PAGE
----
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  •    For Steve Redlus, who played for the team that was on its way to a county championship in 1995 when a controversial downfield-blocking call on its tight end, Troy LaMonda, stifled a probable victory drive, realized a dream this week when he was named as East Hampton High’s varsity football coach, replacing Bill Barbour Jr., who recently resigned.

  •    East Hampton High School’s boys and girls basketball teams are to begin the playoffs this week, with the sixth-seeded boys playing at third-seeded Islip at 5 p.m. today, and with the fifth-seeded girls playing at fourth-seeded Islip tomorrow at the same time.

  •    Mike Ritsi was almost in Delaware in December on his way to Florida, where he hoped he would find work, when a call came in from Sportime’s general manager, Sue de Lara, whose help wanted ad in The Star he’d answered.
        He turned right around, the 28-year-old Montauk resident said during a conversation Friday, was interviewed, and was hired as the director of Sportime’s well-appointed multisport arena in Amagansett.

  •    We are in flux. Though we’d love to hold on to those whom we love, it can’t be done. That much of them lives on in us is the most we can hope for. The body is gone, though the spirit, to the extent that it was transmitted to us and to the extent that we received it, remains, and, in the end, it is only the spirit that is real, I think; as real as the grass, the trees, the rocks, the hills, and the sea.

  • Mark Crandall, who has for the past 18 years used sport to reach at-risk youngsters in southern Africa, has recently imported Hoops 4 Hope and Soccer 4 Hope’s model to the Inuits in Canada’s arctic region.
  •    A small group gathered around L.C. Nelson during the girls basketball game here last Thursday night as he received on his iPhone periodic updates of the boys’ score from Elwood-John Glenn High School — a game that, unlike the girls’ contest, which Glenn was to win 64-21, went down to the wire.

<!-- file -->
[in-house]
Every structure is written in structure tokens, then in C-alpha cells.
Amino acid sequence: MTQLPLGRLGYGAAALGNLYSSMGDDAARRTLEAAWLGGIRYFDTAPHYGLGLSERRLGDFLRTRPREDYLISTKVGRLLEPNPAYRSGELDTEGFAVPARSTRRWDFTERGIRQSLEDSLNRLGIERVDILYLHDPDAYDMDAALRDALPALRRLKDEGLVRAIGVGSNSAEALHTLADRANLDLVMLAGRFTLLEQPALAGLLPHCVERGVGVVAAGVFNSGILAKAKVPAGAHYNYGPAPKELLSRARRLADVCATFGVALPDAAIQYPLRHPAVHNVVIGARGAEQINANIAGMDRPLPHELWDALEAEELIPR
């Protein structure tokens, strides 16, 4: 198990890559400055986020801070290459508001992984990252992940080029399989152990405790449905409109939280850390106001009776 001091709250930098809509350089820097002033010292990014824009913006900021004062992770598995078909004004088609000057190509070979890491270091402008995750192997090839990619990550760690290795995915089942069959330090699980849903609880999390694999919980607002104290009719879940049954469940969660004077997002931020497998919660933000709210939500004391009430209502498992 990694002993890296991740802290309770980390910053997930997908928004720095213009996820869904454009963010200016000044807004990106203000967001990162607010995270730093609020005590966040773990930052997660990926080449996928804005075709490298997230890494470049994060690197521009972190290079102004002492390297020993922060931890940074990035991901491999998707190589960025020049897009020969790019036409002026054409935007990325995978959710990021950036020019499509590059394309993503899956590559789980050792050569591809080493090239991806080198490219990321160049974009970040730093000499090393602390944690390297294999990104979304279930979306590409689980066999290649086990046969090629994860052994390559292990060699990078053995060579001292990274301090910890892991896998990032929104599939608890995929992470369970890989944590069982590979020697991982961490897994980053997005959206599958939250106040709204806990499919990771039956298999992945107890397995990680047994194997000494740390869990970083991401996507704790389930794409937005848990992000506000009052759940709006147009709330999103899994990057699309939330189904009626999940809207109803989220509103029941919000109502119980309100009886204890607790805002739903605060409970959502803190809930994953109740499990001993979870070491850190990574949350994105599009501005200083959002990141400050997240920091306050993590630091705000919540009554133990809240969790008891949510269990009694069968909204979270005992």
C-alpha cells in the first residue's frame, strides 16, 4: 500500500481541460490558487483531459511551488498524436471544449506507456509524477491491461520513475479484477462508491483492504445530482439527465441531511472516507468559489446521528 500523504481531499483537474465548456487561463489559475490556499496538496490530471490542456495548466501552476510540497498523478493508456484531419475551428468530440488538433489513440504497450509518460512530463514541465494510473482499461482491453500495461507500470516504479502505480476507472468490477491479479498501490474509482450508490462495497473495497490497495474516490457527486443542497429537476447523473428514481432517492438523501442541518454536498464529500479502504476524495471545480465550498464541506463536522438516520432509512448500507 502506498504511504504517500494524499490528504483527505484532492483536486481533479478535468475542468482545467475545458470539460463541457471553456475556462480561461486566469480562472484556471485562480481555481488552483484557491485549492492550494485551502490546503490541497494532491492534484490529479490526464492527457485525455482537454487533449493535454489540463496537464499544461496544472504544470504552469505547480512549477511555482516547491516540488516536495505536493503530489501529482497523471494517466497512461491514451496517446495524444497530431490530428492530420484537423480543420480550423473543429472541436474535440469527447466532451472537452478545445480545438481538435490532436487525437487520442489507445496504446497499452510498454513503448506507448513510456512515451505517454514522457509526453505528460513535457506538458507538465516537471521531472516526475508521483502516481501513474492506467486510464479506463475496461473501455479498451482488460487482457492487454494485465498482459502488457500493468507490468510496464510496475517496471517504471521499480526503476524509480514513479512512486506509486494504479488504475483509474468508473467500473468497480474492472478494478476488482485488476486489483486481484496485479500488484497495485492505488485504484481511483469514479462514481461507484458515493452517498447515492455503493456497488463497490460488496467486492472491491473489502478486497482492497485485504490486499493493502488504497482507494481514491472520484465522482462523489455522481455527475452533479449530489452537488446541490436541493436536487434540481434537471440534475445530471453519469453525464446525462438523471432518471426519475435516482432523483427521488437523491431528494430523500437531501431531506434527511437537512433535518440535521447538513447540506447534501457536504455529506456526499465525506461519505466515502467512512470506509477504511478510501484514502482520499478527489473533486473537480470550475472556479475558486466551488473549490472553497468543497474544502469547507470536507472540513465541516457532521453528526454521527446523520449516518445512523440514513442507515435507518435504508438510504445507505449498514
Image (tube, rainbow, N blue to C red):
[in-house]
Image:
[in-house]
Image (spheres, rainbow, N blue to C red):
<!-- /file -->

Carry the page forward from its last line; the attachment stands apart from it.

“It was a big game for both teams,” Bill McKee, the boys’ coach, said following the 80-75 victory. “By winning we earned a playoff spot and knocked them out of contention.”

  •    The East Hampton High School boys swimming team, which easily bested League II’s least successful teams, Deer Park and North Babylon, this past week to finish in second place, at 6-1, behind 7-0 Sayville-Bayport, will have 15 of its 33 competitors in the county swim meet on Feb. 16.
        “That’s far more than we’ve ever had before,” said Craig Brierley, the fourth-year program’s coach, before Monday’s practice session at the Y.M.C.A. East Hampton RECenter.

  •     Leaving East Hampton High School’s gym the night of Jan. 29 following Bonac’s exciting 64-62 win in overtime over Shoreham-Wading River, Keith McMahon said, “Wow, what an exciting game . . . almost too exciting. Shoreham got hot there — they must have had ten 3s.”

  •    While the nation wonders what should be done about the deficit, East Hamptoners are wondering what’s to be done about the surfeit of surf shit.
        Some even say it’s a metaphor for our times, emblematic of what they see as the country’s irreversible descent into deep doo-doo. And they’ve begun carrying flags that say, “Don’t Sh— On Me.”

  •    It wasn’t just the fact that his boys basketball team was one step closer to making the playoffs that contributed to Bill McKee’s sunny mood this past weekend; it was also the gift of a $7,500 Dr. Dish shooting and rebounding machine that made its debut Saturday morning at Biddy basketball practice at the John M. Marshall Elementary School.

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